Shifting Sands: Mercè Rodoreda’s “Garden by the Sea,” Translated from Catalan by Maruxa Relaño and Martha Tennent

By Eva Dunsky

9781948830089_FCIn Garden by the Sea, translated by the mother-daughter team Martha Tennant and Maruxa Relaño, Rodoreda writes a slow burn towards catastrophe. Rodoreda, who is considered one of the most important Catalan writers of the 20th century, wrote often about Catalan society in the years before and after the Spanish Civil War, and how it was altered in its wake by the repression of Franco’s dictatorship. More than that, however, she wrote with incredible deftness about the intimate domestic moments that constitute the majority of life, and her work is rife with small insights and stolen pleasures. In Garden by the Sea, like in most of her novels, almost nothing happens on the page — much is hinted at, not a lot is said, and it’s the reader’s job (or privilege) to unspool her implications.

Rodoreda’s work denies us easy emotion; instead, emotional experience is conveyed through what remains unsaid, a skill Rodoreda performs with a unique mastery. Mostly, characters idle, spending their summers at a villa in the countryside, floating listlessly through life on the coattails of familial wealth. Slowly, the situation at the villa implodes, precipitated by the construction of another house next door, whose inhabitants shake up the already tenuous relationships at play. The story is narrated by the villa’s gardener, who quietly tends to the gardens over the course of six summers. “In the evening I went out in my hooded rain slicker,” the gardener says. “They were all standing by the main door to the house, under the awning, looking grim and gazing up at the sky saying maybe tomorrow, maybe the day after that” (187).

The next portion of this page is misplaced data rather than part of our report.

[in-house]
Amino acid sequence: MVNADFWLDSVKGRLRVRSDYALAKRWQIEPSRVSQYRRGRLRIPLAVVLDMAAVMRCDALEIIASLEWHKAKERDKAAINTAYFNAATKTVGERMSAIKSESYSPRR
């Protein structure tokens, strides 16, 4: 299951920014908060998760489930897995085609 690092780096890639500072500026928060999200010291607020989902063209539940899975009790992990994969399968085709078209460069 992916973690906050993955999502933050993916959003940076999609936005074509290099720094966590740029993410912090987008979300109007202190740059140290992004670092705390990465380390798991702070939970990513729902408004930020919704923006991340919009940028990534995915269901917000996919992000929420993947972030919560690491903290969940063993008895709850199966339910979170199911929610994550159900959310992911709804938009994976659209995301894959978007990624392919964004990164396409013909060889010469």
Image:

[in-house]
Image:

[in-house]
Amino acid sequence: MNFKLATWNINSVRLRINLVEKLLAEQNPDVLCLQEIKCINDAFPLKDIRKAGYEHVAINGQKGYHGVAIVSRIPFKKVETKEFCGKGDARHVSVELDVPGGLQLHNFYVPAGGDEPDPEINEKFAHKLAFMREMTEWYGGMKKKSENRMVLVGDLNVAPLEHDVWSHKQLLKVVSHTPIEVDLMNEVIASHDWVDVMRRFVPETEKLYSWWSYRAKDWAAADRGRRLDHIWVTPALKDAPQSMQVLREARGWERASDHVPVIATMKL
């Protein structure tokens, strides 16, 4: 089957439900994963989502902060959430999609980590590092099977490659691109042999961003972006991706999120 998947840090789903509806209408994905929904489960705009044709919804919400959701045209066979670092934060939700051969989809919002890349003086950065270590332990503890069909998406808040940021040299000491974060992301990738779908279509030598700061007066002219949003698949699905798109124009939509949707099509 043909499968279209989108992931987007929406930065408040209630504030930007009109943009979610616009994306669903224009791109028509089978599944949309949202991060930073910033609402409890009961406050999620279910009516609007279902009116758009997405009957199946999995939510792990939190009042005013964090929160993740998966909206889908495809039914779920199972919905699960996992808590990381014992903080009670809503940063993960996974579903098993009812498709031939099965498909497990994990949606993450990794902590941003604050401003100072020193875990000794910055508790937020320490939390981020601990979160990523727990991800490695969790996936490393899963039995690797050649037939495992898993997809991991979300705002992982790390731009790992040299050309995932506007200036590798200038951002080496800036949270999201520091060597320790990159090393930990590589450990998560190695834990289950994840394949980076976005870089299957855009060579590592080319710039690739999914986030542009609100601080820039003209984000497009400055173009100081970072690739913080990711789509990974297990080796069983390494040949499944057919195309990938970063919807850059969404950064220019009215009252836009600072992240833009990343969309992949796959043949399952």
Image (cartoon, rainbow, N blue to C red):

Garden by the Sea is largely a novel about waiting. For instance, there’s Eugeni, who’s been spurned by Rosamaria, his childhood playmate-turned-sweetheart. He waits for her for five years, during which time he severs himself from his family and disappears, assuming she’ll tire of her marriage and return to him. Once the time he’s allotted her has passed, he shows up as her neighbor at the larger villa next door.

Then there’s the gardener – a confidant to everyone, he is both a part of life at the villa and completely outside of it. He putters around the property, mollifying himself with routine to anesthetize the pain of his young wife’s death, of a life that’s passed him by in grief. It is through him that we experience the antics of the other people at the house, which serves to neutralize both their suffering and joy, casting a pallor over everything, a sadness that masquerades as indifference.

Perhaps most poignantly, there are Eugeni’s parents. Their relationship has eroded under the pressure of a missing child, and as they dine with the gardener, it becomes clear that the uncertain status of their son has shaken them so profoundly that they’re incapable of normal conversation. They are stuck in limbo, mourning an absence they can’t confirm and don’t have the strength to fully acknowledge.